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NFL's Lions dip into Rugby Sevens for backup
Carlin Isles of the U.S. (R) is blocked by France's Vincent Inigo during their preliminary match at the Hong Kong Sevens rugby tournament in Hong Kong March 23, 2013. REUTERS/Bobby Yip (CHINA) *** Local Caption *** HKG02_HONGKONG_0323_11.JPG

NFL's Lions dip into Rugby Sevens for backup


Maybe turning rugby players into American footballers is becoming a trend.

After the Colts put former Kenyan rugby union player Daniel Adongo who had played in South Africa and New Zealand's top domestic rugby leagues on their active roster, now the Detroit Lions have turned to rugby for talent.

Detroit signed US sevens star Carlin Isles to their practice squad on Thursday. The former sprinter who at one time was ranked 36th in the United States and dreamed of representing America at the Olympics has been known as 'the fastest man in rugby'.

Isles leaves behind a USA side that have struggled this year in the HSBC Sevens World Series, with just nine points from three events leaving them 14th out of the 16 regular competing nations.

In November at Dubai Sevens, the Americans failed to win a game.

Agence France-Presse has the full story on Isles' foray into the NFL:

"Carlin Isles, a 24-year-old US sevens winger touted as the fastest man in rugby, was signed to a practice squad receiver contract Thursday by the NFL's Detroit Lions. The Lions, eliminated from American football playoff contention last Sunday, have been known for unusual moves in trying to land talent, bringing in a German player last year and Norwegian kicker Havard Rugland earlier this year after seeing him on a YouTube video.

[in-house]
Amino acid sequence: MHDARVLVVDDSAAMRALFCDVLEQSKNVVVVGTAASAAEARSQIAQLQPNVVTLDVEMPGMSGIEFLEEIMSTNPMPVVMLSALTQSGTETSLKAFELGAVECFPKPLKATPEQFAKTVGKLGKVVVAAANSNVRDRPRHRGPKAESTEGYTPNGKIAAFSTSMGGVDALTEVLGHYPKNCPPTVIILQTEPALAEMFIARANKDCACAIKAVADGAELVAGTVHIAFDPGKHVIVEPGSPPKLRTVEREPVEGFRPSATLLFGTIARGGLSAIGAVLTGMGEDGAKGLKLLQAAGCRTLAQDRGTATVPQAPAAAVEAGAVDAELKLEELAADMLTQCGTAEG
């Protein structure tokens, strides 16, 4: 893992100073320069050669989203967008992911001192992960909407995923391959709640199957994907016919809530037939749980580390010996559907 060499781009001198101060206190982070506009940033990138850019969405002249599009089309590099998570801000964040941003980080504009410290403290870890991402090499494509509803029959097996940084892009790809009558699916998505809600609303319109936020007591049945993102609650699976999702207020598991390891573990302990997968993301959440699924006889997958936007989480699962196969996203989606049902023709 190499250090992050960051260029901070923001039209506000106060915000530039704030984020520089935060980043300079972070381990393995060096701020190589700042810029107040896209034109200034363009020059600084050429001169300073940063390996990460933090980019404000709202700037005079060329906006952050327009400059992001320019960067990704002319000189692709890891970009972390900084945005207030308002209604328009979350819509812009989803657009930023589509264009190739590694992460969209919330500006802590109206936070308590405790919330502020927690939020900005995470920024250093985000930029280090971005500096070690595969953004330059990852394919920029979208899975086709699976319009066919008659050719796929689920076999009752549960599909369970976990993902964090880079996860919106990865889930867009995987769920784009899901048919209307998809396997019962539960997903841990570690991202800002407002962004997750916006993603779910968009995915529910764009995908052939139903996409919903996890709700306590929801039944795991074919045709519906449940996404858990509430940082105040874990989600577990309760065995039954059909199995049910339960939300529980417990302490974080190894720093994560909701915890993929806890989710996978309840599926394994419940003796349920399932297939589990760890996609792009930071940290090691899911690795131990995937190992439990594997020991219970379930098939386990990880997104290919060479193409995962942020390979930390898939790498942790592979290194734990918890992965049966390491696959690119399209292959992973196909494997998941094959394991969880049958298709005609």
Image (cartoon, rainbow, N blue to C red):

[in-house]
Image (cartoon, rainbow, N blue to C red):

Isles, dubbed the fastest man in rugby by Rugby magazine last year, underwent a tryout session for the Lions on Monday that included running the 40-yard dash in 4.22 seconds.

A spot opened for Isles after the Lions promoted tight end Matt Veldman from the practice squad to the active roster to replace injured Brandon Pettigrew ahead of Detroit's season-ending game Sunday at Minnesota.

"You're looking for athletes," Lions coach Jim Schwartz said. "It hasn't been unusual to see basketball players transition to the NFL. That's not just recently, that goes way back.

"Even track guys like Bob Hayes and Renaldo Nehemiah. An athlete's an athlete. There are skills that you can develop, and if you see something you like then you can work with him."

Isles, whose Ohio hometown of Massillon is a famed US high school gridiron hotbed and near the American Football Hall of Fame, was a sprint star and American football player in college before switching to rugby.

He plays for the Gentlemen of Aspen club team and has 11 caps for the USA Rugby Sevens squad.

Other NFL clubs have turned outside the usual US collegiate feeder system for talent this year.

Kenyan-born Daniel Adongo has played two games at linebacker this season for the playoff-bound Indianapolis Colts after playing for South Africa's Southern Kings in Super 15 rubgy last season.

And the San Francisco 49ers have signed England's Lawrence Okoye, an Olympic shot put finalist in London, as a defensive end. He is on injured reserve for the playoff-bound club after a pre-season injury."